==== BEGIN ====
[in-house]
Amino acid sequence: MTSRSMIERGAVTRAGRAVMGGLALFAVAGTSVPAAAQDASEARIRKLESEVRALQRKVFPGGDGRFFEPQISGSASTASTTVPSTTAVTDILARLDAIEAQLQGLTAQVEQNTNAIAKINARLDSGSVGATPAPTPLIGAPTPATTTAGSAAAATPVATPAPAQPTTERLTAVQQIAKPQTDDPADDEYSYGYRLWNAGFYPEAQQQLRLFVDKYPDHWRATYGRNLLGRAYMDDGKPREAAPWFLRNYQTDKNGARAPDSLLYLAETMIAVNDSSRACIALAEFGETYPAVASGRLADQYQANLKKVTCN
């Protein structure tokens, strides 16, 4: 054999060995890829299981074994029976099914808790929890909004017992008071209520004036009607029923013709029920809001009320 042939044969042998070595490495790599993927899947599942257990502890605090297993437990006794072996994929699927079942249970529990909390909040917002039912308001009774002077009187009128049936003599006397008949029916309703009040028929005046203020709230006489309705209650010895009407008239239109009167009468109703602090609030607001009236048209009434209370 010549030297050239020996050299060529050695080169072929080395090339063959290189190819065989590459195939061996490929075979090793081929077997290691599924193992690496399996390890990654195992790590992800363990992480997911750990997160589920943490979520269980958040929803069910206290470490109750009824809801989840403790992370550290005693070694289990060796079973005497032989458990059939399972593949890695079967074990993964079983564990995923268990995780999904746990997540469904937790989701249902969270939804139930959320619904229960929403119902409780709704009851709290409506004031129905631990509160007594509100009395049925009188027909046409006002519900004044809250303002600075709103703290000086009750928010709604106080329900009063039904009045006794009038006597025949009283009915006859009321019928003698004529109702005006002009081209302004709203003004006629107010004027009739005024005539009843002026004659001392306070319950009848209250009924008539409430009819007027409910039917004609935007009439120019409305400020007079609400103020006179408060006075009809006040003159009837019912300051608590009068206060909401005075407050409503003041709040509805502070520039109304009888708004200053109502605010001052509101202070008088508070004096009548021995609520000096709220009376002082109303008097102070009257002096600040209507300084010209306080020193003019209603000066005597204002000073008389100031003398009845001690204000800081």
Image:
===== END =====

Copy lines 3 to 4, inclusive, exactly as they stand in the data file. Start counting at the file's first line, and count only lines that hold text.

């Protein structure tokens, strides 16, 4: 054999060995890829299981074994029976099914808790929890909004017992008071209520004036009607029923013709029920809001009320 042939044969042998070595490495790599993927899947599942257990502890605090297993437990006794072996994929699927079942249970529990909390909040917002039912308001009774002077009187009128049936003599006397008949029916309703009040028929005046203020709230006489309705209650010895009407008239239109009167009468109703602090609030607001009236048209009434209370 010549030297050239020996050299060529050695080169072929080395090339063959290189190819065989590459195939061996490929075979090793081929077997290691599924193992690496399996390890990654195992790590992800363990992480997911750990997160589920943490979520269980958040929803069910206290470490109750009824809801989840403790992370550290005693070694289990060796079973005497032989458990059939399972593949890695079967074990993964079983564990995923268990995780999904746990997540469904937790989701249902969270939804139930959320619904229960929403119902409780709704009851709290409506004031129905631990509160007594509100009395049925009188027909046409006002519900004044809250303002600075709103703290000086009750928010709604106080329900009063039904009045006794009038006597025949009283009915006859009321019928003698004529109702005006002009081209302004709203003004006629107010004027009739005024005539009843002026004659001392306070319950009848209250009924008539409430009819007027409910039917004609935007009439120019409305400020007079609400103020006179408060006075009809006040003159009837019912300051608590009068206060909401005075407050409503003041709040509805502070520039109304009888708004200053109502605010001052509101202070008088508070004096009548021995609520000096709220009376002082109303008097102070009257002096600040209507300084010209306080020193003019209603000066005597204002000073008389100031003398009845001690204000800081």
Image: